Benzodiazepine Addiction

Benzodiazepines are among the most commonly prescribed depressant medications in the United States today. More than 15 different types of benzodiazepine medications exist to treat a wide array of both psychological and physical maladies based on dosage and implications. To be characterized as such, each benzodiazepine displays one or more of the following drug actions: anxiety relief, hypnotic, muscle relaxant, anti-convulsant, or an amnesiatic (mild memory-loss inducer). Due to their sedative properties, benzodiazepines have a high potential for abuse, especially when used with other depressants such as alcohol or opiates.

Commonly prescribed benzodiazepines include Xanax© (alprazolam), Librium© (chlordiazepoxide), Valium© (diazepam), and Ativan© (lorazepam). Another benzodiazepine that has been the focus of a great deal of media attention is flunitrazepam, trade name Rohypnol©, which is known widely as "the date-rape drug" due to its involvement in many sexual assault cases in recent years.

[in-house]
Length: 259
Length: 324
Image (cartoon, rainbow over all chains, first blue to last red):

Short Term Effects

Low to Moderate Doses

Benzodiazepines are prescribed for relaxation, calmness, and relief from anxiety and tension. In some cases side effects will occur; these vary widely depending on the type of benzodiazepine, the dose, and the person. They can include:

  • Impaired motor coordination
  • Drowsiness, lethargy, fatigue
  • Impaired thinking and memory
  • Confusion
  • Depression
  • Altered vision
  • Slurred speech, stuttering
  • Vertigo
  • Tremors
  • Respiratory depression
  • Nausea, constipation, dry mouth, abdominal discomfort, loss of appetite, vomiting, diarrhea

High Doses

At high doses benzodiazepines can cause extreme drowsiness. In addition to the adverse effects listed above, the following are also observed:

  • Slowed reflexes
  • Mood swings
  • Hostile and erratic behavior
  • Euphoria

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